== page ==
With the price of oil surging well past US$100, Michael Tobis reminds us that energy is actually quite cheap:

A hundred dollars a barrel. A barrel! Energy is unbelievably cheap.

That's about six million BTUs. One point seven megawatt hours. With that $100 barrel you can power your laptop for two years. You can ship hundreds of pounds of bananas from Guatemala. You can microwave a hundred and two thousand cups of tea to steaming warmth. You can power the digital clock on your microwave for seven million years!

Tobis and commenter John Mashey relate oil prices to the debate over buying local food.

So how much does it cost to carry a tomato from California to Maine?

It's about 3000 miles. It's about 1/4000 of a ton. So its about 3/4 of a ton mile. OK, make it a nice big juicy tomato. It's a ton-mile. So that costs about 1/200 of a gallon of fuel, or about a penny and a half.

Suppose the price of fuel quadruples. Your tomato will cost almost an extra nickel. Big deal.

The bottom line of many life cycle analyses is that buying local is not always the most efficient choice. One must weigh the energy required to produce the local food with the energy required to produce and ship the "global" food (including the indirect costs of maintaining the shipping network).


Monday, March 17, 2008

Hypoxic zones around the world

The World Resources Institute and scientist Bob Diaz of Virginia Marine Institute have compiled a new map of the world's coastal hypoxia zones like the famous Gulf of Mexico "Dead Zone" we discuss in the recent PNAS paper on nitrogen pollution and corn production for ethanol. The new map includes 169 documented hypoxic areas, 233 are areas of concern and 13 areas in recovery.

Bottom-water hypoxia can develop when high input of nutrients like nitrogen promote the excessive algae growth. When algae eventually dies and sinks to the bottom, it decomposes, and that process depletes oxygen from the water.

It is worth noting hypoxia will not arise anywhere simply because nutrients are added. To get things started, you still need to feed the algae, and nutrient pollution does the trick. But certain
coastal areas are more naturally prone to hypoxia.

If, for example, the water column is highly "stratified", by that I mean less dense water lying above more dense water there is little mixing between the surface and the bottom waters (think of making a simple oil and vinegar salad dressing). It is then difficult for oxygen from the air to diffuse to the bottom and replace the oxygen consumed by decomposition.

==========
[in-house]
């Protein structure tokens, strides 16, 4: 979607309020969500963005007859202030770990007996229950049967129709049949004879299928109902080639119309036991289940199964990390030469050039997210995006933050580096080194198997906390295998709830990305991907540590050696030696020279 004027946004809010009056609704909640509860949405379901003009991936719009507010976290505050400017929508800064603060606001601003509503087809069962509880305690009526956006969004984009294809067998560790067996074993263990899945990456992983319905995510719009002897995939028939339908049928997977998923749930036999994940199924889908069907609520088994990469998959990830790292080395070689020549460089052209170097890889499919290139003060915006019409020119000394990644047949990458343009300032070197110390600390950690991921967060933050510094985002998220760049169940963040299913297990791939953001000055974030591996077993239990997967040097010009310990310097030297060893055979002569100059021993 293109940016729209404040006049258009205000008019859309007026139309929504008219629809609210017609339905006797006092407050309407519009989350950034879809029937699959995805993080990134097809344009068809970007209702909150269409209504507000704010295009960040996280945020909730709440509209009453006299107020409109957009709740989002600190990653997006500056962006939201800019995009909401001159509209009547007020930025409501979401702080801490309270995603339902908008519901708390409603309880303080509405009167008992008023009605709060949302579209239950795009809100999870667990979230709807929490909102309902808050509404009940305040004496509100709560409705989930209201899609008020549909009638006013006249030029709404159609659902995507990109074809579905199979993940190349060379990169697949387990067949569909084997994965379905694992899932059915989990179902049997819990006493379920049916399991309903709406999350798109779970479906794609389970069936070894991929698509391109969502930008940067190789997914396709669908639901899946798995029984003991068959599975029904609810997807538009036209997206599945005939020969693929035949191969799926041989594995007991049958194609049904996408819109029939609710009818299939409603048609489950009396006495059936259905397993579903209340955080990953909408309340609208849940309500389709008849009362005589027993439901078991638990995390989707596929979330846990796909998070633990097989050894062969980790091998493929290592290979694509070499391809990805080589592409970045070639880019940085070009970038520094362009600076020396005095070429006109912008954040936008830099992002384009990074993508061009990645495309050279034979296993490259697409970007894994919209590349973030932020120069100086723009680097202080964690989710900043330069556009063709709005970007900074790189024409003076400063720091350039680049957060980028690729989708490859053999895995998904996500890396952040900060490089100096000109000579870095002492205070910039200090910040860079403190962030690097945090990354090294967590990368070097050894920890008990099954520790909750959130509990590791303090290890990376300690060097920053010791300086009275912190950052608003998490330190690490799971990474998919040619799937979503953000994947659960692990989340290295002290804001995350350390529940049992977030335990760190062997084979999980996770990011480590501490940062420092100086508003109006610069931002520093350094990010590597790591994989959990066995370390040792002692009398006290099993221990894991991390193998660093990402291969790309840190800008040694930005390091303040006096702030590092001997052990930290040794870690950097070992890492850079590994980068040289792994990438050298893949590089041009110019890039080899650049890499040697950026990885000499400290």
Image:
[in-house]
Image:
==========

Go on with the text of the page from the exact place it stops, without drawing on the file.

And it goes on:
The outlet of big rivers like the Mississippi can be ideal for hypoxia development because the fresh and therefore lighter water introduced by the river creates a stratified water column. That explains some of the year-to-year dynamics of the hypoxic zones like the Gulf Dead Zone. First, hypoxia development can be much worse in a wet or flood year because of the addition of more nutrients and the increased stratification. Second, if a hurricane blows through the Gulf, it encourages mixing just like you do by shaking that bottle of salad dressing, and can break-up the Dead Zone.

The new map supposedly includes only human-driven cases of hypoxia. Which raise the question, what is the cause of the zone between very sparsely populated Somerset and Cornwallis Islands in Nunavut, in the Canadian Arctic? If you have an answer, let me know.


Monday, March 10, 2008

Corn ethanol production will worsen the Dead Zone

A new paper by my colleague Chris Kucharik and I looks at the new US Energy Policy, will calls for growing more corn to produce ethanol, will affect the "Dead Zone" in the Gulf of Mexico. For a quick summary, see Reuters, the CBC or AFP (or my 15 Minuten ruhm on German ARD). Wired and Scientific American go into more detail.

The Mississippi dumps a massive amount of nitrogen, largely in the form of the soluble ion nitrate, into the Gulf each spring. It promotes the growth of a lot of algae, which eventually sinks to the bottom and decomposes. This consumes much of the oxygen in the bottom waters, making life tough for bottom-dwelling fish and creatures like shrimp. The Dead Zone has reached over 20,000 km2 in recent years.

The primary source of all that nitrogen is fertilizer applied to corn grown in the Midwest and Central US. Reducing the Dead Zone to less than 5000 km2 in size, as is suggested in US policy, will require up to a 55% decrease in nitrogen levels in the Mississippi.

The new US Energy Policy calls for 36 billion gallons of renewable fuels by the year 2022. Of that, 15 billion can be produced from corn starch. Our study found meeting those would cause a 10-34% increase in nitrogen loading to the Gulf of Mexico.

Meeting the hypoxia reduction goal was already a difficult challenge. If the US pursues this biofuels strategy, it will be impossible to shrink the Dead Zone without radically changing the US food production system. The one option would be to dramatically reduce the non-ethanol uses of corn. Since the majority of corn grain is used as animal feed, a trade-off between using corn to fuel animals and using corn to fuel cars could emerge.


Friday, March 07, 2008

How times have changed

And, no, I'm not talking about Canadian politics and government becoming so feckless and uninspiring that we must stoop to meddling in the US primary campaign for attention.

This can be found in the 2008 Canadian federal budget under the heading "Ensuring a Cleaner, Healthier Environment":

Investing $300 million to support nuclear energy